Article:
Computing

Intent

At The Whartons Primary, our Computing Curriculum offers to equip all pupils with the skills to use technology purposefully and successfully, supporting the needs of our community. The curriculum will teach children key knowledge about how computers and computer systems work, and how they are designed and programmed. Our pupils are given the opportunity to design, create and debug programs, continually communicating this with others, and with a growing independence. This encourages every child to become an independent thinker.

By the time they leave The Whartons, children will have gained key knowledge and skills in the three main areas of the computing curriculum: computer science (programming and understanding how digital systems work), information technology (using computer systems to store, retrieve and send information) and digital literacy (evaluating digital content and using technology safely and respectfully). The objectives within each strand support the development of learning across the key stages, ensuring a solid grounding for future learning and beyond.

Implementation

At The Whartons, computing is taught using a blocked curriculum approach. This ensures children are able to develop depth in their knowledge and skills over the duration of each of their computing topics. Teachers use the ‘Purple Mash’ scheme, published by 2Simple, as a starting point for the planning of their computing lessons, which are often richly linked to engaging contexts in other subjects and topics. Knowledge and skills are mapped across each topic and year group to ensure systematic progression. We have sets of laptops for a classes of children to be taught discrete computing lessons.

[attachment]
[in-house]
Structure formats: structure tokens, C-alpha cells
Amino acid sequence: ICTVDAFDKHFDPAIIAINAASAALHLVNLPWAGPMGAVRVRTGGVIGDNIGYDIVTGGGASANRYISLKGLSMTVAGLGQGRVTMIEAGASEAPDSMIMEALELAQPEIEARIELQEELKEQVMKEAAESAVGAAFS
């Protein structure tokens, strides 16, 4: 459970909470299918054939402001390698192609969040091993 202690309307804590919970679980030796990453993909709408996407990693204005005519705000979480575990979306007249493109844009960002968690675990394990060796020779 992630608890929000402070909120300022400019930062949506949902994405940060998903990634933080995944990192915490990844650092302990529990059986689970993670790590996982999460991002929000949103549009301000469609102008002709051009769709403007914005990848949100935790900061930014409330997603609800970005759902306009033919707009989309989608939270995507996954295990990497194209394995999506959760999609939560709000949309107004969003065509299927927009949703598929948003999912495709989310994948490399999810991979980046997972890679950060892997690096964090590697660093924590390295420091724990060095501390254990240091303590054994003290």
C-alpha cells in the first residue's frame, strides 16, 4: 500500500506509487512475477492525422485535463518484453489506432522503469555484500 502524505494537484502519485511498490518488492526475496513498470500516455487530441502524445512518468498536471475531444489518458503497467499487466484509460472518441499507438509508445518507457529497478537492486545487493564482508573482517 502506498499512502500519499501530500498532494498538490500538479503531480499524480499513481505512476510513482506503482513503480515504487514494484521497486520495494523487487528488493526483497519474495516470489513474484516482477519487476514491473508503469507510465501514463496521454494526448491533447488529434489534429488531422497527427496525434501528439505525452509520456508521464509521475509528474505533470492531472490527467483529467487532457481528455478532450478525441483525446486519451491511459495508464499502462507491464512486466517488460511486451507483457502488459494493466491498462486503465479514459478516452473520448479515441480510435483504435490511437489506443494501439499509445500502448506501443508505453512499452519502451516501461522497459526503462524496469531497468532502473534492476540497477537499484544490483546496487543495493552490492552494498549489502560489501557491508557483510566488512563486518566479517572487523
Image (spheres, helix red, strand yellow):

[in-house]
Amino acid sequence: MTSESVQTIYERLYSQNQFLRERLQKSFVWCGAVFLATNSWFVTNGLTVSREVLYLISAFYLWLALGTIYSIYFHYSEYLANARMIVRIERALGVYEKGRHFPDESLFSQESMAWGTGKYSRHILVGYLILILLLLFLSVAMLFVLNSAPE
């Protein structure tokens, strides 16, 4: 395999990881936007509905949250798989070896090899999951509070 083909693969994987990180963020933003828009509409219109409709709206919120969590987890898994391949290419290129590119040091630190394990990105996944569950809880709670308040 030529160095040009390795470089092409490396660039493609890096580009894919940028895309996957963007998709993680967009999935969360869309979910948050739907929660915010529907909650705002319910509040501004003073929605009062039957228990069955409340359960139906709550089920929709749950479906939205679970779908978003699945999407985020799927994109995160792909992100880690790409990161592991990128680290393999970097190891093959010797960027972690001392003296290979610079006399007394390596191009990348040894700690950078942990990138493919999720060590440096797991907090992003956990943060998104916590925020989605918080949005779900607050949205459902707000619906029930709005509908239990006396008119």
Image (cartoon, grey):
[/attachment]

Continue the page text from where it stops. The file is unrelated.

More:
The implementation of the curriculum also ensures a balanced coverage of computer science, information technology and digital literacy. The children will have experiences of all three strands in each year group, but the subject knowledge imparted becomes increasingly specific and in depth, with more complex skills being taught, thus ensuring that learning is built upon. For example, children in Key Stage 1 learn what algorithms are, which leads them to the design stage of programming in Key Stage 2, where they design, write and debug programs, explaining the thinking behind their algorithms.

Impact

Our approach to the curriculum results in a fun, engaging, and high-quality computing education. We encourage our children to enjoy and value the curriculum we deliver. We want learners to discuss, reflect and appreciate the impact computing has on their learning, development and well being. Finding the right balance with technology is key to an effective education and a healthy life-style. The quality of children’s learning is evident on in their work on Purple Mash. Evidence such as this is used to feed into teachers’ future planning, teachers are able to revisit misconceptions and knowledge gaps in computing when teaching other curriculum areas. This supports varied paces of learning and ensures all pupils make good progress.
Much of the subject-specific knowledge developed in our computing lessons equip pupils with experiences which will benefit them in secondary school, further education and future workplaces. From research methods, use of presentation and creative tools and critical thinking, computing at The Whartons gives children the building blocks that enable them to pursue a wide range of interests and vocations in the next stage of their lives.

Purpose of study
A high-quality computing education equips pupils to use computational thinking and creativity to understand and change the world. Computing has deep links with mathematics, science, and design and technology, and provides insights into both natural and artificial systems. The core of computing is computer science, in which pupils are taught the principles of information and computation, how digital systems work, and how to put this knowledge to use through programming. Building on this knowledge and understanding, pupils are equipped to use information technology to create programs, systems and a range of content. Computing also ensures that pupils become digitally literate – able to use, and express themselves and develop their ideas through, information and communication technology – at a level suitable for the future workplace and as active participants in a digital world.